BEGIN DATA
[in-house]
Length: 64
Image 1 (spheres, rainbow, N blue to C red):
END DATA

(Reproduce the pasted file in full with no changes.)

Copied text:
[in-house]
Length: 64
Image 1 (spheres, rainbow, N blue to C red):